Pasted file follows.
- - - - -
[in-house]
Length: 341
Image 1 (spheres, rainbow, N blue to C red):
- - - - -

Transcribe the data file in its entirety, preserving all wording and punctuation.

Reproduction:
[in-house]
Length: 341
Image 1 (spheres, rainbow, N blue to C red):